Hamp v Bygrave (1983) 266 EG 720
The correct test to be applied when determining whether an item is a fixture or a chattel
The claimant purchased a house from the defendant. The particulars of sale mentioned several stone garden ornaments that rested by their own weight in the garden. It was stated by the claimant that enquiries were made regarding whether these items would be included with the sale and the defendant suggested that they would form part of the property passed. When the sale completed the claimant discovered that the items had been removed from the garden by the defendant, the claimant commenced proceedings for their return.
The issue in this context was whether items resting by their own weight were fixtures or chattels and whether pre-contract discussions added any weight to this matter.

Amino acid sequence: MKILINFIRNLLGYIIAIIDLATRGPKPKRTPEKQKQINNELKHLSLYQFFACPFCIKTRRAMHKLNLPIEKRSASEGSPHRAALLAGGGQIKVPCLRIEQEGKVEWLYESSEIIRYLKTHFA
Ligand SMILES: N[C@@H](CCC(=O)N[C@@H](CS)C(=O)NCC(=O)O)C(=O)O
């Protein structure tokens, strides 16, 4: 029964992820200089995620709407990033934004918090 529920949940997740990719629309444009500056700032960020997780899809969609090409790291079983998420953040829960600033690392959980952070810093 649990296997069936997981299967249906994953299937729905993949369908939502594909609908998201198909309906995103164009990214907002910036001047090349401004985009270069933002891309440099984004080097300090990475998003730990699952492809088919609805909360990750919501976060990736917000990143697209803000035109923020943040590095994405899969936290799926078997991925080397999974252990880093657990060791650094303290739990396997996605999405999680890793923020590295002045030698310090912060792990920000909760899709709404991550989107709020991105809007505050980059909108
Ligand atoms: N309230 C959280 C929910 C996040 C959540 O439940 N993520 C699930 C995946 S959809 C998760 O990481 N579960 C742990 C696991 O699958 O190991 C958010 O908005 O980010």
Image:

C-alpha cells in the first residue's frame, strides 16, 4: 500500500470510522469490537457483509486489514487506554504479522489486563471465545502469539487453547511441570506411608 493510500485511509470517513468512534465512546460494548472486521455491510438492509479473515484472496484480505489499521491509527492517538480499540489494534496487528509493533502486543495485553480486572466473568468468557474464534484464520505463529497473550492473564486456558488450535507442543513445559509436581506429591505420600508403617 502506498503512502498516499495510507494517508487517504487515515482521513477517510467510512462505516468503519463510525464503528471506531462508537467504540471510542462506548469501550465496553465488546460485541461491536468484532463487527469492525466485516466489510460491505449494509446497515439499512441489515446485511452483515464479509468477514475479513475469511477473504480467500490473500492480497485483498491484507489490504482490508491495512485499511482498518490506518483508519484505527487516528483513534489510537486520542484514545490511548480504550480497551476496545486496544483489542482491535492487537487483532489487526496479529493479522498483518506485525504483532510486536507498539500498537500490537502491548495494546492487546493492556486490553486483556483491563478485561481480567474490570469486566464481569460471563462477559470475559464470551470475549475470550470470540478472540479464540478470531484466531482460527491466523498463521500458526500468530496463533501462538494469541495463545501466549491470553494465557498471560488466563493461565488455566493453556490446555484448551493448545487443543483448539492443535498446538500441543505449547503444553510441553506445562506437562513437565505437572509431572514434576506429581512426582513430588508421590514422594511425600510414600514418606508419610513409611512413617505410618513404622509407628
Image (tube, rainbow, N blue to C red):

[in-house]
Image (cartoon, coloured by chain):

It was held that the first test to be applied was the traditional test with regards to the degree of annexation to the property and the purpose of this annexation. However, it was also held that whilst both of the elements in these tests remained valid, the paramount test in a modern context related to the purpose of the annexation. This was necessarily a question of fact. The matter was decided firstly by stating that replies to the questions prior to the contract did not provide a warranty on the part of the defendant that the items would form part of the land and pass. However, secondly, these discussions did impact on the purpose of the annexation, which in these circumstances had the effect of causing the garden ornaments to be considered fixtures and in turn resulted in them to passing with the property. It was a secondary effect of these statements meant that the defendant was estopped from denying that the items were included in the sale.
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